What exactly is a seizure?

The medical name for a fit or convulsion is a seizure. At some point in their life, one out of every twenty people will have a seizure. Not everyone who experiences a seizure, however, will develop epilepsy.

Electrical activity in our brains is continual and regulates our motions and biological functions. If the blood flow to the brain is disrupted, a seizure can occur, resulting in uncontrollable movement of the eyes, limbs, and body.

What occurs when you have a seizure?

The brain has an impact on the entire body. As a result, depending on which portion of the brain is involved, different parts of the body are affected. A seizure can range from an absence seizure, which is characterised by a momentary loss of awareness, to a tonic-clonic seizure, which involves the entire body in uncontrolled movements.

Seizures are usually only a few minutes long. Because the body’s ability to circulate blood to the brain is reduced during this time, it’s critical to call 999 (or provide medicine to end the seizure if prescribed) if the seizure lasts more than 5 minutes or if there are multiple seizures.

What can lead to a seizure?

Head injury, brain tumours, stroke, meningitis, malaria, eclampsia in pregnancy, poisoning, lack of oxygen, elevated body temperature, epilepsy, drug and alcohol use and withdrawal, fainting, cardiac arrest, and many more causes can trigger seizures or disrupt blood flow to the brain.

Feverish convulsions in young children

Five out of every 100 children under the age of six can experience febrile convulsions. They’re not unheard of.

These are seizures that occur when a person’s fever rises while they are sick. Seizures are terrifying, but they are rarely life threatening, and your child will usually grow out of them by the time he or she reaches the age of five.

Epilepsy

When someone has had at least one unprovoked seizure that cannot be traced to any other cause, they are diagnosed with epilepsy.

Epilepsy is a brain disorder in which a rush of electrical activity causes messages to become confused, resulting in epileptic seizures.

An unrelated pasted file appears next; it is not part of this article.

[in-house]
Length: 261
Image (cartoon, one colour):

Epilepsy affects roughly 600,000 people in the UK, making it one in every 100 people. It can begin at any age, but it is most common in children and those over the age of 60.

Although some varieties of epilepsy only last a short time and some children become epileptic as adults, epilepsy is generally thought to be a life-long disorder that is best managed with medicine.

However, the cause of epilepsy is unclear in more than half of all cases, despite the fact that many persons with epilepsy have a family history, implying a genetic component.

What is the treatment for epilepsy?

Anti-epileptic medications can be used to treat epilepsy. Although these treatments do not cure the illness, they can help to stop or lessen the frequency of seizures.

In some circumstances, brain surgery or vagus nerve stimulation surgery may be effective.

For children with epilepsy, a ketogenic diet may be recommended.

Consider the following factors if you have epilepsy:

Many people who suffer with epilepsy are able to regulate their seizures and have completely normal lives. However, having epilepsy should be taken into account in certain activities, such as driving, and some medications can harm the foetus, so this should be discussed with your doctor if you’re planning a pregnancy.

If you are epileptic, the DVLA will need to be notified, and they will give you the following advice:

Car drivers and motorcycle riders are often awarded a three-year licence if they have not had an epileptic attack in the previous 12 months unless they have seizures that fall under one of the exceptions.

Follow their doctor’s or consultant’s advice regarding therapy and check-ups.

After five years of seizure-free driving, drivers are normally awarded a licence that lasts until they are 70 years old.

If a driver has their first unprovoked epileptic seizure, they must take 6 months off driving from the date of the seizure unless there is a substantial risk of subsequent seizures, in which case they must take a year off. Any seizure must be reported to the DVLA.

A generalised seizure’s first aid

Remove anything that could cause them harm and loosen any tight clothing.

Make a note of when the seizure began and, if possible, try to record the distinct phases of the seizure. When it comes to determining the cause of a seizure and initiating therapy, timing it can be incredibly helpful to the medical team. Specific details, such as if one side of the body is afflicted more than the other, can aid in their diagnosis.

Check the airway and breathing once the seizure has ended, and if the person is unresponsive and breathing, place them in the recovery position, or start CPR if they are not breathing.

Remember that people sometimes appear to be having a seizure when they are actually having a cardiac arrest; if you suspect this is the case, begin CPR and use an AED immediately.

If you are in any of the following situations, you should always call for an ambulance:

It’s their first time having a seizure.

More than 5 minutes have passed since the seizure began.

They experience another seizure immediately after the individual is hurt. They are prone to seizures, but this one is unusual.

If the person is unconscious for more than 5 minutes following the seizure, you should be concerned.

Finally, never, ever, ever, ever, ever, ever, ever, ever, ever, ever, ever, ever…